Christians have rejected the claim by two medical ethicists that killing newborn babies is no different to abortion.
In an article published in the Journal of Medical Ethics, Alberto Giubilini and Francesca Minerva argue that newborn babies do not have a “moral right to life” because they are not “actual persons” but rather “potential persons”.
“The moral status of an infant is equivalent to that of a fetus in the sense that both lack those properties that justify the attribution of a right to life to an individual.”
They continued: “Both a fetus and a newborn certainly are human beings and potential persons, but neither is a ‘person’ in the sense of ‘subject of a moral right to life’.
“We take ‘person’ to mean an individual who is capable of attributing to her own existence some (at least) basic value such that being deprived of this existence represents a loss to her.”
The article, entitled “After-birth abortion: Why should the baby live?”, argues on these grounds that ‘after-birth abortion’ should be “permissible in all the cases where abortion is, including cases where the newborn is not disabled”.
Nick Pollard, co-founder of The Damaris Trust, criticised the claim.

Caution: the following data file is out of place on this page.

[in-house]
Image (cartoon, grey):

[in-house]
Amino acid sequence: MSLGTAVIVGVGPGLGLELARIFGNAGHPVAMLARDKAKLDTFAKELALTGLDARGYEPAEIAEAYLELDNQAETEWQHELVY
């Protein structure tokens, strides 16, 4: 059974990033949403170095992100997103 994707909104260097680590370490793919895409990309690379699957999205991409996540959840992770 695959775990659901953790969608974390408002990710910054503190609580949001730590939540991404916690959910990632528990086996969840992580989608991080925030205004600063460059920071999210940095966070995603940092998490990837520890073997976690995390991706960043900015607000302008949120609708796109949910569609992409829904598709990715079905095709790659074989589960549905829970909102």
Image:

“Some of us have seen this coming for a long while," he said.
"It stems from the way that many secular humanists draw a fundamental distinction between a ‘human being’ and a ‘human person’ – they argue that some human beings are not proper people and therefore it is not morally wrong to kill them.”
Dr Trevor Stammers, director of medical ethics at St Mary’s University College, said: “The term ‘after-birth abortion’ is just verbal manipulation. That is not philosophy. I might refer to abortion henceforth as antenatal infanticide.”
Dr Peter May, a Christian ethicist and retired GP, said that childbirth did not mark a change in the intrinsic worth of a child.
“The same child now exists in a new environment,” he said.
“Secular humanists may want to embrace infanticide. Jesus however taught that the Kingdom of God belongs to such as these.”
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